Melody of Love

Hold me in your arms dear – dream with me,
Cradled by your kisses – tenderly,
While a choir of angels – from above
Sing our melody of love. – H. Englemann/T. Glazer, sung by Frank Sinatra

Bill and I ate lunch yesterday at Oregano’s, his favorite pizza place here in AZ. The next best pizza to Fox’s, according to the Chicago native who is my husband. Could be. Anyway, though there are a number of Oregano’s restaurants around the city, every single one of them is busy all of the time. That’s okay. It’s worth the wait.

Busy often equates to noisy, and as we age, noise becomes a bit more of a problem. But neither too many customers nor noise were a problem yesterday, mostly because we got there when they first opened. When they unlocked the door, our noses were pressed up against it so that we nearly fell in. Not really, but frankly, it was almost that bad. The pizza ovens hadn’t even gotten hot.

We were led to a table (and let me assure you that there were a few other 60- and 70-somethings already seated), and the server took our order – a 12-inch sausage pizza, a big salad, and two diet Pepsi’s. Because what else?

Oregano’s has a schtick, and it’s part of the fun. Overhead on small-screen black and white televisions they are always playing either some sort of old romantic musical featuring a 20-year-old Frank Sinatra, an episode of The Lone Ranger, or an episode of The Adventures of Ozzie and Harriet. But the televisions are on mute, because overhead from the speakers come the sounds of Frank Sinatra or Dean Martin or Perry Como or Rosemary Clooney.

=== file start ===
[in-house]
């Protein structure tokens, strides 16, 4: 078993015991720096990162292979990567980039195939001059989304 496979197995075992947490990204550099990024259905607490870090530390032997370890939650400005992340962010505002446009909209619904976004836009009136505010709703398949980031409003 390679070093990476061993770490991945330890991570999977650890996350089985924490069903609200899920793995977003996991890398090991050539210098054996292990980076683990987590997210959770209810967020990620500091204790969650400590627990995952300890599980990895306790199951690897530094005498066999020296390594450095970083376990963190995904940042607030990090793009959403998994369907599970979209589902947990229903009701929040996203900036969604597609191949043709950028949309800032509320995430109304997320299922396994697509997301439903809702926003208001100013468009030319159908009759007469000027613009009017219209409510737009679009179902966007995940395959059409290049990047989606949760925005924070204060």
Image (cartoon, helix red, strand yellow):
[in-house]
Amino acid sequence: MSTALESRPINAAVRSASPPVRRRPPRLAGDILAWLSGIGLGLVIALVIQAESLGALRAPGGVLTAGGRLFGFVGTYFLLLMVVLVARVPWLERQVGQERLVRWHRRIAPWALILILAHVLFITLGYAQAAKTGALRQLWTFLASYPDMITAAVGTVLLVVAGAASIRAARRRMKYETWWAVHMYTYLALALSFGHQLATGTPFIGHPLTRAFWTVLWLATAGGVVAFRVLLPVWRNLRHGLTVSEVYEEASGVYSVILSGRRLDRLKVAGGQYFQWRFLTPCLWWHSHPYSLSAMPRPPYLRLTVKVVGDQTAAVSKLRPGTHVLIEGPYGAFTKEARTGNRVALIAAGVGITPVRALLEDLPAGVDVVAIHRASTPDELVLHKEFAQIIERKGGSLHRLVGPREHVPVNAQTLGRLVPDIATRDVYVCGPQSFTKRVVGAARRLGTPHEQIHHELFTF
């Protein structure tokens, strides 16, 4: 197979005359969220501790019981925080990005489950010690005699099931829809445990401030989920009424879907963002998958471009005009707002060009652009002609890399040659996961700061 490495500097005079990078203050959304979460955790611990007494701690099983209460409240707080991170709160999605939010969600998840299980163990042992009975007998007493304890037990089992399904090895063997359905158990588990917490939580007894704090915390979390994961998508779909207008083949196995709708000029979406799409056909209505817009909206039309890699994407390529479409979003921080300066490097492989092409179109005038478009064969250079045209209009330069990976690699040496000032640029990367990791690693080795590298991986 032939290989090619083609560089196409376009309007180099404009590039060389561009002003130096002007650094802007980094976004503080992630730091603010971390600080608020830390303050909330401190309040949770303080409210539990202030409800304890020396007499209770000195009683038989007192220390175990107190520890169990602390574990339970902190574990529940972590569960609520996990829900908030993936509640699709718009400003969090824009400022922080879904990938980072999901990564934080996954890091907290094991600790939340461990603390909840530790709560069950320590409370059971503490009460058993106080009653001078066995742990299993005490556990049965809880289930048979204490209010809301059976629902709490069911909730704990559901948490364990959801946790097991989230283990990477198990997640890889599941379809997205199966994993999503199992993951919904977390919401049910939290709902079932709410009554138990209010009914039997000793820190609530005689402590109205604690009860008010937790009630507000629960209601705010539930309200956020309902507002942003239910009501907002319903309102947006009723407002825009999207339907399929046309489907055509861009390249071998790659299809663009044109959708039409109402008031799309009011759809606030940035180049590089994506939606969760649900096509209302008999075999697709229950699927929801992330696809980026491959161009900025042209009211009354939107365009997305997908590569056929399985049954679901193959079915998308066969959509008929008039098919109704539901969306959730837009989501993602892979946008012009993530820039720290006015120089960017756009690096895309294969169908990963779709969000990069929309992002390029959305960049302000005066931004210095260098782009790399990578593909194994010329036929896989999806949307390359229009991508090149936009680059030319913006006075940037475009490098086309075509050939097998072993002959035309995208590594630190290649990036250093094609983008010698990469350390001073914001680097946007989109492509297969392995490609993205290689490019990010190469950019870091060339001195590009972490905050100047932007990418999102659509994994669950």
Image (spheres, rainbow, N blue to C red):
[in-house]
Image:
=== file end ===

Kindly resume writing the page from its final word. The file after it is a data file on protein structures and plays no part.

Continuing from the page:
And here’s the thing: I know the words to almost every song. As I’ve said before, I mistakenly use every one of my grandkids’ names before I get to the right one, but I can sing I love you a bushel and a peck, a bushel and a peck though you make my heart a wreck. You make my heart a wreck and you make my life a mess. Make my life a mess, yes a mess of happiness…. And so forth.

Right near our table sat a huge radio, the kind that folks listened to before RCA televisions began making their appearances in American homes…..

Bill reminisced about how he listened to the radio before they got a TV, though he admitted that mostly he was interested in playing outside with his friends.

That made me start thinking about the radio that sat on my mom’s kitchen counter when I grew up in Columbus. As she would prepare meals, or sweep the kitchen floor, or put groceries away, or dust the living room tables, she always had the radio turned on, tuned to KFAB radio out of Omaha. And she listened to music from the likes of Dinah Shore and Peggy Lee and Nat King Cole and Tony Bennett and Doris Day and Eydie Gorme and Robert Goulet. And later in the 50s, maybe Bobby Vinton or Connie Stevens.

I don’t recall whether or not she sang along to the tunes. But what I do know is that somehow all of those lyrics from all of those songs that were playing in the background as I ran in and out of the house, or maybe as I did my chores, have stuck in my head all of these years. That’s likely why I have all of those lyrics in my head, even when I can’t remember where I put my purse.

Blue moon,
You saw me standing alone
Without a dream in my heart
Without a love of my own.
Blue moon,
You knew just what I was there for
You heard me saying a prayer for
Someone I really could care for.